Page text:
Thursday, March 7, 2013

Review: Lay the Favorite

There is a grand tradition of movies associated with gambling set in rich locations like Las Vegas or New York City with seedy characters, ambiguous morality, and the threat of financial windfall and ruin – movies like Rain Man, Rounders, and The Colors of Money to name a few.  Then there is that next tier of gambling movie that appeals to the degenerate gambler in each of us, but does n’t give much of a cinematic payoff (Two for the Money, 21).  Then, of course, is that third tier of movies; the ones that would stink no regardless of the subject matter but just happen to have people making bets and money exchanging hands.  That is precisely where Lay the Favorite resides, amongst those very films that have long since been forgotten.  But since you've probably never heard of this movie, should this come as any surprise?

The reason you have never heard of this flick is because it made a whopping $21,000 in its theatrical release.  Based on the autobiographical novel by Beth Raymer, the film stars Rebecca Hall (The Town), Bruce Willis, and Catherine Zeta-Jones and follows Hall’s Beth as she ventures from Florida to Las Vegas only to find herself immersed in the world of professional book making under the tutelage of gambling guru Dink Heimowit (Bruce Willis).  When things turn sour for the protagonist, the outcome of the film hinges on her ability to take command of her own life and display true emotional maturity.

Autobiographical or not - this movie plays like a series of clichés.  The stripper backstory, the seedy underbelly of Vegas, New York bookies, it’s as if they have been taken straight from the cookie cutter for your viewing displeasure.  Almost nothing about this movie feels real from the relationships to the machinations and this is born from the creative team’s paint-by-number approach to filmmaking.  Emotions are tossed around loosely like a football at a picnic and relations turn on a dime for reasons unknown.  The dull washed-out quality that permeates this film not only ensures that you do not understand what motivates the principle characters, but also that you absolutely do not care.

This movie is Rebecca Hall’s show and unfortunately I think the role falls outside her wheelhouse.  I mostly like Hall’s work in the past – specifically in The Town and to a lesser degree in Vicky Christina Barcelona, but in my opinion, the kind of role that suits her best is the type that she played in the aforementioned The Town.  Smart, thoughtful, and down-to-earth seems like something she could pull off in her sleep.  As a stripper turned bookie who has a good heart but is sorely lacking in street smarts, her performance is uneven, unconvincing, and clunky.  This makes her character difficult to root for.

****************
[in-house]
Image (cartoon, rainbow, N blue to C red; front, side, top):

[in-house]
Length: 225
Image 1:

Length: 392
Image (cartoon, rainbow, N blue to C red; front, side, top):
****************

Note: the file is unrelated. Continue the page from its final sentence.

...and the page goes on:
Her cohort Bruce Willis isn’t bad as career gambler Dink.  He is just not good.  It’s a different kind of turn for Willis as his character is a superstitious man riddled with the uncertainty that any professional gambler would struggle with and Willis has moments where he nails the role.  They are just not enough to offset those other times when he reverts back to his typical shtick.  While this is not a memorable performance by the actor, he certainly does not embarrass himself.  As for Catherine Zeta-Jones, who plays Willis’ wife, she serves as the biggest cliché of all and could easily have been replaced by almost any other actress with little or no consequence.  Is this her fault?  No, but she does nothing to improve the situation.

As for the rest of the cast, Frank Grillo does little more than pump his fist and overact.  Josh Jackson spends most of the movie alternating between looking love struck and hemming and hawing, essentially reprising his role as Pacey from Dawson’s Creek.  And as for Vince Vaughn, well, it’s another sad turn for this former A-list actor who once used to be a guaranteed laugh-a-minute.  He seems to have ventured passed the line (as so many other comedians do) that separates funny and weird. 

I don’t think it should come as any surprise that I do not recommend this movie.  Now is the point in the review where I would normally go into my usual spiel about how you should avoid it at all cost but I am pretty sure that if you live your life of normalcy, this movie will never cross your path.  It made $21,000 at the box office and essentially was a direct-to-dvd movie in a market that no longer really supports that kind of title.  So yeah, if you read this review (and I have no idea why you would) then thanks for reading and here’s hoping that Vince Vaughn recaptures his comedic genius opposite Owen Wilson in The Internship.  The odds are long but one can always hope.

Standout Performance: The nod goes to Corbin Bernsen, because his character pulls the ripcord early in the plot.


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